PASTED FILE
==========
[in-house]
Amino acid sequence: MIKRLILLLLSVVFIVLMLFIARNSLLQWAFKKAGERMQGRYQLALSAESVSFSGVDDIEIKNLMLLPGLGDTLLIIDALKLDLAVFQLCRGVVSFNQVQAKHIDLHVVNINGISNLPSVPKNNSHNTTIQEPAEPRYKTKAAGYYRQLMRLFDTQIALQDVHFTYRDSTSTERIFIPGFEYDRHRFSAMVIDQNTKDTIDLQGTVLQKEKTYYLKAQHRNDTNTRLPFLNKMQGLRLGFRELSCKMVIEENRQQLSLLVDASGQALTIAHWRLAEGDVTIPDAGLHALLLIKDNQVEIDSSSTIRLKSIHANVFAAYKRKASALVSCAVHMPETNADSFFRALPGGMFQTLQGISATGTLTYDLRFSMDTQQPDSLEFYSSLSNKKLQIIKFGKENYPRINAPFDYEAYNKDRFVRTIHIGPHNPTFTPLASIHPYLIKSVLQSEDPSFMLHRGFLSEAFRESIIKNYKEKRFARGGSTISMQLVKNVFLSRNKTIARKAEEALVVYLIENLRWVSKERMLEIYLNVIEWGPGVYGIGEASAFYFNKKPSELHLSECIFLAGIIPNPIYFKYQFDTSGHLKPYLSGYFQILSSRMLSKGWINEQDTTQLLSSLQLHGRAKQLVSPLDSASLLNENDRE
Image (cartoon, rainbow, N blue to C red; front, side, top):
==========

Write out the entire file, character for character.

[in-house]
Amino acid sequence: MIKRLILLLLSVVFIVLMLFIARNSLLQWAFKKAGERMQGRYQLALSAESVSFSGVDDIEIKNLMLLPGLGDTLLIIDALKLDLAVFQLCRGVVSFNQVQAKHIDLHVVNINGISNLPSVPKNNSHNTTIQEPAEPRYKTKAAGYYRQLMRLFDTQIALQDVHFTYRDSTSTERIFIPGFEYDRHRFSAMVIDQNTKDTIDLQGTVLQKEKTYYLKAQHRNDTNTRLPFLNKMQGLRLGFRELSCKMVIEENRQQLSLLVDASGQALTIAHWRLAEGDVTIPDAGLHALLLIKDNQVEIDSSSTIRLKSIHANVFAAYKRKASALVSCAVHMPETNADSFFRALPGGMFQTLQGISATGTLTYDLRFSMDTQQPDSLEFYSSLSNKKLQIIKFGKENYPRINAPFDYEAYNKDRFVRTIHIGPHNPTFTPLASIHPYLIKSVLQSEDPSFMLHRGFLSEAFRESIIKNYKEKRFARGGSTISMQLVKNVFLSRNKTIARKAEEALVVYLIENLRWVSKERMLEIYLNVIEWGPGVYGIGEASAFYFNKKPSELHLSECIFLAGIIPNPIYFKYQFDTSGHLKPYLSGYFQILSSRMLSKGWINEQDTTQLLSSLQLHGRAKQLVSPLDSASLLNENDRE
Image (cartoon, rainbow, N blue to C red; front, side, top):